Kuwait in the 1970s was the most advanced of the Persian Gulf Emirates. Oil had been discovered here already in the 1930s and was being exploited already before World war II. Consequently the small country was rich and by 1970 the basic infrastructure was modern and modern facilities such as hotels and a modern airport were in place. However construction of new chemical industries and expansion of the city into the surrounding desert was continuing. The familiar, onion shaped, water towers that were to become a symbol of Kuwait, like the Eifel Tower of Paris, were not yet constructed.
I stayed at the Sheraton Hotel which had a good restaurant, a nice swimming pool, and was conveniently located close to the main shopping area. When I first came there in 1973 it was still possible to sit in the bar and have a drink. But in later years the Shariah laws became more strictly enforced and alcoholic beverages were no longer available in the hotel, even for westerners.
The laws of the Emirate provided an income from the oil revenues for all native-born citizens. It became quite common to see a new Mercedes, or even a Rolls Royce, parked next to a tent in the desert with camels and goats grazing right next to it. All large companies were required to have a local as nominal CEO, but all the work was done by foreigners. Most of the professionals, such as engineers were Europeans, Egyptians or Lebanese. The middle levels of management, particularly in the government, were filled predominantly by Palestinians. Most of the lowest echelons of workers were Pakistanis, Indians, Indonesians. No foreigner had any right to permanent residency or hope of obtaining citizenship. This way the Emir maintained total control of his small butimmensely rich principality.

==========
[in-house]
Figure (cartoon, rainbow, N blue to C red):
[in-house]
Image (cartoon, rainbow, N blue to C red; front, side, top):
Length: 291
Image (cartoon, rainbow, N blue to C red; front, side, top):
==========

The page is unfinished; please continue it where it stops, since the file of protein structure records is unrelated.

Qatar is a peninsula in the Persian Gulf (called the Arabian Gulf by Arabs). Originally inhabited by poor nomadic shepherds and pearl fishermen, it did not become an independent emirate until 1971. It suddenly became rich by the discovery of oil and gas deposits in the 1980s, currently it has one of the highest per-capita incomes in the world. The present Emir provides the most open political system of any Arab country - the media are subjected to virtually no control. However there are no political parties.
Doha is the capital. In the 1980s the new wealth was used to transform the small sleepy town into a city of wide tree lined streets with buildings of striking architecture.
This was the only Arab state in which I was invited to private homes, to enjoy dinners sitting on the carpet around a plastic cloth on which dishes of steaming rice, chicken and vegetables were arranged. My hosts and the other Arab guests ate with their bare right hand. They offered me a plate with a knife and fork, realizing that I might be uncomfortable eating with one hand. Naturally no women were to be seen and all the servants were also male.
I was also invited to attend a football (soccer) match in which the Qatar team played against the Kuwait team in the first round of the World Cup playoffs. As the strict Wahabi version of Islam practised in this part of the world forbids even men to appear in public with exposed arms and legs, the players on both teams were Pakistanis!
However falconry is a sport that is a favorite of the local sheikhs. One day I flew on a local airline from Kuwait to Dubai sitting next to an Arab carrying his favorite falcon on his gloved wrist. The bird was on its best behavior.